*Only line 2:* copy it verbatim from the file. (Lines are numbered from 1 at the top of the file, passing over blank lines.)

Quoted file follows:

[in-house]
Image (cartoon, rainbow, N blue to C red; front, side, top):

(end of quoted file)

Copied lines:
Image (cartoon, rainbow, N blue to C red; front, side, top):